Egyptian pyramids are only archaeological wonders in the whole world right now. People can only view it from a distance, but not anyone can go inside a pyramid. However, archaeologists and other scientists have access to these world wonders and can even conduct excavations and explorations in it.
What people don't know is pyramids hold secrets and remains that people don't know happened in the past.
The unearthing of mummies
Egypt's Ministry of Tourism and Antiquities recently released a statement that they were able to extract five limestone sarcophagi and four wooden coffins that contain human mummies. According to the researchers who found the bodies, they said the archaeological finds were found inside a burial shaft, which is about nine meters below the ground.
The burial shaft is located in Sacred Animal Necropolis in Saqqara. The place is believed to be an ancient burial ground that is about 20 miles south of Cairo. It is also the home to ancient landmarks, such as the Step Pyramid, which is considered to be the world's oldest pyramid in history.
Details of the excavation were posted online and it was even posted on the ministry's official Facebook page just a few weeks back.
The archaeologists were also able to take out and discover some shafts that include very small artifacts. The researchers found 365 faience ushabti figurines that have carved phrases called hieroglyphics. According to ancient Egypt history, ushabti objects are small statues that are included when one dead person is buried. Egyptian graves have ushabtis to aid the body in its afterlife.
Inside the burial shafts, there is a small wooden obelisk that measures about 40 centimeters tall. The wooden obelisk is painted with scenes featuring the Egyptian goddesses Isis. the goddess is associated with rebirth, alongside Nephthys, who is associated with death.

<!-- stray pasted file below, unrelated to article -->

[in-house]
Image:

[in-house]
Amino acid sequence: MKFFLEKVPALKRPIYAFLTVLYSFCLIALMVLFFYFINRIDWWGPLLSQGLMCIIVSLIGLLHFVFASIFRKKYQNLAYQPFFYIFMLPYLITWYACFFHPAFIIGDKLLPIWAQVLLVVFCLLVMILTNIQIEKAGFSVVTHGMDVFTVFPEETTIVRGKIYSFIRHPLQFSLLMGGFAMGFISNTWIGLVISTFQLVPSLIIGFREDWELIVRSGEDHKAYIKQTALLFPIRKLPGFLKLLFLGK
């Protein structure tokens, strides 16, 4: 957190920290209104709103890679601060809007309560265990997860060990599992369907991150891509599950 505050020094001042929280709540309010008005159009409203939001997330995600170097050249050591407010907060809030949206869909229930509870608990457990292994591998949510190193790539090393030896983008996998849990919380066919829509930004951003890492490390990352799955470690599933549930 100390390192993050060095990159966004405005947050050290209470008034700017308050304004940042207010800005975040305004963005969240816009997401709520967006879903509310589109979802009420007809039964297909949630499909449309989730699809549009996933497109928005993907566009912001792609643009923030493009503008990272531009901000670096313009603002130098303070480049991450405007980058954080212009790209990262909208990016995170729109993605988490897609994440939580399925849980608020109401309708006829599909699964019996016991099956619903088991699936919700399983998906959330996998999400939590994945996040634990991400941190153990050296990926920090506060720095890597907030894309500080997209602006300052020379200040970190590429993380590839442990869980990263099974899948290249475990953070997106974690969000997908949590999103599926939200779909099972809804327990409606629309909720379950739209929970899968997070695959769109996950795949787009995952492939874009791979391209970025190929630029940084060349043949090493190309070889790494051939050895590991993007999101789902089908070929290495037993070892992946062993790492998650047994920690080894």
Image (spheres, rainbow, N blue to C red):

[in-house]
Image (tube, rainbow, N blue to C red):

The painted scenes also feature god Horus, who is the most famous ancient Egyptian deities.
According to the Ministry of Tourism and Antiquities, the small artifacts are removed from the shaft for restoration purposes. Meanwhile, the sarcophagi and wooden shafts were restored inside the shaft.
With the ongoing restoration projects, there have been many recent archaeological discoveries in Egypt. Just recently, on April 24, the Ministry of Tourism and Antiquities released a statement and said they have unearthed a mummy's body which dated back in Egypt's 17th dynasty, circa 1550 BCE.
The mission was led by a joint group of Egyptian-Spanish archaeological mission. They discovered the mummy in the Draa Abul Naga necropolis in Luxor, which is in the southern part of Egypt.
The mummy was identified to be a young woman and they believed it had been around its teenage years when she died. According to the head of the central administration of Upper Egypt, Mohamed Abdul Budaiya, the mummy was buried together with a bunch of jewelry, such as four necklaces made of blue glass, quartz, and amethyst.
Archaeologists also discovered that the mummy had red leather sandals and a pair of leather balls tied to each other with a thread. Near the burial place of the coffin, there were also tow mummified cats placed in a small coffin and a wooden ushabti inside.